In the latest issue of Islands magazine, Norwegian Cruise Line uses two Microsoft Tags to promote a 7-Day Caribbean cruise vacation contest. One Tag is featured on the "From the Editor" page (see below, top) and the other Tag can be found in NCL's advertisement (see below, bottom). Both Tags direct readers to a website that launches a quiz and, based on how well a reader answers some questions, they will be entered into the cruise contest.
While NCL does a fine job explaining the Tags on the "From the Editor" page (i.e., how to scan, where to download a reader app, how to enter the contest, etc.), the execution is not as strong in the ad itself. If a reader of the magazine missed the "From the Editor" page, which is located on page 6, I do not believe they would know what to make of the Tag found on the ad page, which is placed well inside the magazine. That is, unless the reader takes out a magnifying glass and reads the "mouse-sized" type located at the very bottom of the ad and set in gray lettering. Why NCL designed the ad in this manner is hard to tell. With 2D barcodes being so new, it is in a company's best interest to be open and upfront about the use of 2D barcodes. From a pure marketing perspective, if the Tag is meant to be the ad's call-to-action, why hide this or make it difficult for a reader to figure out. I am also curious to know why NCL chose this dotted version of a Microsoft Tag, as opposed to the more commonly seen version, which features colored or black and white triangle shapes.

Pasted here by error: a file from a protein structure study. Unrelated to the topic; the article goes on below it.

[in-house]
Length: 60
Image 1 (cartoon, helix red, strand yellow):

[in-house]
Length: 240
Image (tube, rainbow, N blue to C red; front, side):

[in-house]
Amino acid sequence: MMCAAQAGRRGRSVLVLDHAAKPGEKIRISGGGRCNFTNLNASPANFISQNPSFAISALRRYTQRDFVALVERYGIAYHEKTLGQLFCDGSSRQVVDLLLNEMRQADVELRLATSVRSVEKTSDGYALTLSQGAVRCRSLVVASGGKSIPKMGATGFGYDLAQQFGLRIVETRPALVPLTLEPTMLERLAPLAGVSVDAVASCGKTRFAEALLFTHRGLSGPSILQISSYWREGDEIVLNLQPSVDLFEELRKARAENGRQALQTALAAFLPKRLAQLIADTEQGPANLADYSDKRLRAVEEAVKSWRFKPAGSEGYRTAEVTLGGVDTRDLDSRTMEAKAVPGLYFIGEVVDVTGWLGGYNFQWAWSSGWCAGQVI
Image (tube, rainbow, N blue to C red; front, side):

It would be interesting to know the success/scan rates for these placements and if NCL's objectives were achieved.